She opened her eyes and thought she saw a shape by the window. But no—Mulder said he couldn’t stay and watch—and it wouldn’t be the children, she felt their absence now as much as she felt their presence when they were near—

“You okay?” John whispered roughly.

“Yes.” She kissed his mouth. “I love you.” His mouth closed around her other nipple, tugging the sensitive tissue, and her eyes squeezed shut again.

They had to be quiet—they didn’t want to disturb his parents or the baby. It was easy at first—muffling their moans with kisses, giggling a bit and telling each other “Shh!” But when Dana took his cock into her mouth he had to bite his fist to stifle the sound, and when he pushed her onto her knees and thrust into her he had to cover her mouth with his hand. She licked his palm, curling her body forward and spreading her knees wide to bring him deep inside her. “Dana,” he growled into her hair. “God, woman.”

“Harder,” she whispered and kissed his heart line. It felt like a secret language, talking into his hand like this. “Harder, John.”

Her forehead rested on her folded arms, and his hand slid from her mouth, down her neck, fondled a breast, stroked her belly and probed between her folds to find her clit. He rubbed her clit forcefully, the peak between two fingers, and Dana’s teeth nipped at the sheets. “Harder!” Her hips thrust back to his with an urgent beat. “Oh, John, harder, please!”

He groaned and pulled her upright, making her sink even deeper onto him. “Trust me,” he muttered, one arm around her waist and the other crossed over her breasts. She turned her head towards him, her body tense and eager, and wrapped her hands around his wrists. She felt like she was balancing on her toes, letting him ride her hard enough to pierce her heart, her brain, her soul. He pulled her face back and kissed her, his tongue fierce against her teeth. She thrust one hand into his hair and the other between her thighs, rubbing her clit with the side of her hand. She was so close—so filled with him—so hot, so wild—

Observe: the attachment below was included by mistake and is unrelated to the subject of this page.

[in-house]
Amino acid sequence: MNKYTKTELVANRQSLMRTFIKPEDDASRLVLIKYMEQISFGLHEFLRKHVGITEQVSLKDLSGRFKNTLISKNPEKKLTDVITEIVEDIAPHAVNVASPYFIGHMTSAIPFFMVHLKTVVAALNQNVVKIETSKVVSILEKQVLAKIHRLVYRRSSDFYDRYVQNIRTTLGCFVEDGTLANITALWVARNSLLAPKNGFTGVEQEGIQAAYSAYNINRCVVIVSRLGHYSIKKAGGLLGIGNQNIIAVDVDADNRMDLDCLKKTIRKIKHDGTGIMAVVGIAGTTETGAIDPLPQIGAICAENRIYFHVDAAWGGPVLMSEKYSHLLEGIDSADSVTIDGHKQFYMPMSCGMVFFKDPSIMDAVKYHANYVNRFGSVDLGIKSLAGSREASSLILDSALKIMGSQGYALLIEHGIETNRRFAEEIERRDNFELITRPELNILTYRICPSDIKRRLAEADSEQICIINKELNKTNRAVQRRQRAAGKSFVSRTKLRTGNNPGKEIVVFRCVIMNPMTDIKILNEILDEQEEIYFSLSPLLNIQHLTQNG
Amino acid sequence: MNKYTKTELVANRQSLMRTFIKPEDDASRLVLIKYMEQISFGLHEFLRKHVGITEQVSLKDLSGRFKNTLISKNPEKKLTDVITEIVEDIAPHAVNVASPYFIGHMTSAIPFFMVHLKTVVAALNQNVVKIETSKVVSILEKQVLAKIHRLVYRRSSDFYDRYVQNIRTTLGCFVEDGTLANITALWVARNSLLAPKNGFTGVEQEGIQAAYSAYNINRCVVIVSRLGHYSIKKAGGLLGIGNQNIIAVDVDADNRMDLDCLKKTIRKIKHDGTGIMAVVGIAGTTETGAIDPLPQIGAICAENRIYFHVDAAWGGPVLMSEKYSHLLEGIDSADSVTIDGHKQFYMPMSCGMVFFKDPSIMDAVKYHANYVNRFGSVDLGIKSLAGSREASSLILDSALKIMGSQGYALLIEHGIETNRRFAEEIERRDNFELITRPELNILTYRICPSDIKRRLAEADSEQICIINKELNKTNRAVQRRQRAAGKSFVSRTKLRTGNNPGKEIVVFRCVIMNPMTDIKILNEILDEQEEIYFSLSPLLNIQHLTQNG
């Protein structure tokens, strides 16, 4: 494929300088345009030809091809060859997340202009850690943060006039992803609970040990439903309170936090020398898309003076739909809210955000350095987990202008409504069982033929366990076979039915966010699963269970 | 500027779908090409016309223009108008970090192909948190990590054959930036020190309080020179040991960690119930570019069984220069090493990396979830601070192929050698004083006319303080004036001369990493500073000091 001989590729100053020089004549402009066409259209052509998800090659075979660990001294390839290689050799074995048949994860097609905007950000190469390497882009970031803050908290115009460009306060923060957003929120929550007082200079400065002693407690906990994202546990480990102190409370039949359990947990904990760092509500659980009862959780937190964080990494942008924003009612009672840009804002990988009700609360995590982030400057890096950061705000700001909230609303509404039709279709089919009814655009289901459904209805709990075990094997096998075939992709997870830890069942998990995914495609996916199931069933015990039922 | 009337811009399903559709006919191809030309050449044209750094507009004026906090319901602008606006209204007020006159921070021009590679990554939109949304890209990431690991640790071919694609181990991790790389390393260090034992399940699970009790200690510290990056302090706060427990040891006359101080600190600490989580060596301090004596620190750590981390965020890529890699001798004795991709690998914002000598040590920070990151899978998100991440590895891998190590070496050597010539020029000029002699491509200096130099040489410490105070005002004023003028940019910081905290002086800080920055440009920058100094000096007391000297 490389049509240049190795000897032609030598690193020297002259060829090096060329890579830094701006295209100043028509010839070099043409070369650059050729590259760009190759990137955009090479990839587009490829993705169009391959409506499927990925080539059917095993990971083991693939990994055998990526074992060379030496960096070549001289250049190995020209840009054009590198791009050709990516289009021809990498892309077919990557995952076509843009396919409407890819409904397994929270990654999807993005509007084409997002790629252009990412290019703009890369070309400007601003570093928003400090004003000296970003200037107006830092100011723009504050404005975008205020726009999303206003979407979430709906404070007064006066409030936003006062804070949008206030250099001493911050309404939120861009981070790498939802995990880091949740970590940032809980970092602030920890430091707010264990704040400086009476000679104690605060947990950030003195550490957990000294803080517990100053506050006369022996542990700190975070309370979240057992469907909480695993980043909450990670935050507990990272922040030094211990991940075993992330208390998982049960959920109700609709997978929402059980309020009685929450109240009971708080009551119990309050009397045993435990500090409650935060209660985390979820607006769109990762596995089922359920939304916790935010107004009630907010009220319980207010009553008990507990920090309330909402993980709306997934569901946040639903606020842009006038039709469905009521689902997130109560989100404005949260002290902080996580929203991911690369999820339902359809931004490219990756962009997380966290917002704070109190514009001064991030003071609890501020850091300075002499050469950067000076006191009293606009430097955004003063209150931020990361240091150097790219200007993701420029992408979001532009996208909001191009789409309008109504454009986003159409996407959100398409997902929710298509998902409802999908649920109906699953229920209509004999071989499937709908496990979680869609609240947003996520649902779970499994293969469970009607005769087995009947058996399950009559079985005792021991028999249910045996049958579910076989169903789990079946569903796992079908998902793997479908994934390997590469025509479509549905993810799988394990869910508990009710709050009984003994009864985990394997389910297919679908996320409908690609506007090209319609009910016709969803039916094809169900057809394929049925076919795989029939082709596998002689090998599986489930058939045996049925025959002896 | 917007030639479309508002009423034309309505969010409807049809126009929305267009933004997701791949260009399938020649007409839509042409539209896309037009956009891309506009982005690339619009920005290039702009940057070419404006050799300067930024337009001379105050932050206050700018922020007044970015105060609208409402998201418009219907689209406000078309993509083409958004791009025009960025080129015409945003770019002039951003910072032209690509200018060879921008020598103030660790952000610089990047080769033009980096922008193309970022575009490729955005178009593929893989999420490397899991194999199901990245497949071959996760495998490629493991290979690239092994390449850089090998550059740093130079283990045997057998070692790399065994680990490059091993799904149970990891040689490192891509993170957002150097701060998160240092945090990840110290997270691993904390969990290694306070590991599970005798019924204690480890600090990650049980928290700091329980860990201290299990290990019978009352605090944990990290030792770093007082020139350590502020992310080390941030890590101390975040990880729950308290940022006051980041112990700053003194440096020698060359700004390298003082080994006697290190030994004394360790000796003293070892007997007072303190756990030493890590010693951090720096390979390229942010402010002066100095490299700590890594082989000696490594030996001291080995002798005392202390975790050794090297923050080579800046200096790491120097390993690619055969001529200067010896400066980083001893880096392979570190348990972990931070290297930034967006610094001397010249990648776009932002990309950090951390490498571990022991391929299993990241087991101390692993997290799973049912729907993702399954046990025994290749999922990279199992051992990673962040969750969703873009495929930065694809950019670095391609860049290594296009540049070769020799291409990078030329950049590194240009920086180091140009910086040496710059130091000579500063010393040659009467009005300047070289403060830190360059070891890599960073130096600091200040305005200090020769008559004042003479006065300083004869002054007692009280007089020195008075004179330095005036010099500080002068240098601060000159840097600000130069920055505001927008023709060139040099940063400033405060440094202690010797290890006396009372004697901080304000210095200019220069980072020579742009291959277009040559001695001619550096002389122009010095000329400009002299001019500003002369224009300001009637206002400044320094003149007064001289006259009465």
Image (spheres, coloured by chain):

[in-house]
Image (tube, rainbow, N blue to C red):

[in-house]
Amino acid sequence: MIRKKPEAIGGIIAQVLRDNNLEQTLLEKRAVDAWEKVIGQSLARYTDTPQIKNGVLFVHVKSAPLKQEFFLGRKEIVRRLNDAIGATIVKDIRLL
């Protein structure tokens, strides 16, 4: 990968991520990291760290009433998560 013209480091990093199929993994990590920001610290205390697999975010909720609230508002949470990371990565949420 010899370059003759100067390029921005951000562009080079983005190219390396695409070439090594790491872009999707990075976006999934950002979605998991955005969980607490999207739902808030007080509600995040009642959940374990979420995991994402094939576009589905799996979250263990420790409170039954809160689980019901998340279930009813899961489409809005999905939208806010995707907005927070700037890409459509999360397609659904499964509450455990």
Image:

He must have known—he covered her mouth again as she cried out, her body going rigid and then falling forward onto the mattress. She gasped against the sheets, and felt John panting behind her. He kissed her spine and kneaded her hips. “Baby . . .”

“Yes.” She peered at him through her tousled hair. “Anything you want, baby. Anything.”

John pulled out of her and flipped her onto her back—she was as loose as a rag doll with satisfaction—and laid his body over hers, holding her face between his hands. He kissed her. “I want to look into your eyes.” He pushed into her again, slowly, and she shivered and sighed with pleasure. She looped her arms around his neck. She raised her knees high, digging her feet into his hipbones. Her hips rolled to meet his. He buried his face in her hair, groaning, and thrust rough and fast. He sucked on her hair. His fingers nearly crushed her hands as he held her arms over her head. He kissed perspiration from her face and between her breasts, and rubbed his five o’clock shadow against her nipples, making her legs quiver. Her toes flexed, her nails dug into his back.

She kept her eyes open, and saw how his eyes grew wide as if in wonder as the deep spasm shook his body. He bit his lip to keep from shouting, and his body went weak in her arms.

Dana raked her hand through his damp hair and kissed him. “Love you, baby,” he muttered and his finger stroked her cheek. “Love you.”

“Love you too.” She shifted a little to hold him more easily, and he nuzzled his face against her shoulder.
“Do we have enough time to sleep?”

“Just for a bit.”

“Mm.” He gave her mouth one more sloppy kiss and laid his head on her shoulder. “A bit’s all I need.”

He was asleep in moments, and Dana felt herself drifting as their heartbeats slowed. The air was heavy with the fra
grance of sex and the scent of sulfur—

Her eyes flew open. Sulfur—God, was there a fire? She inhaled again, looking around the room, but saw nothing unusual and could smell only John.

She shook her head and laid it back down. John nuzzled closer, humming sleepily. “Dana?”

“Go to sleep,” she murmured, and closed her eyes to take her own advice.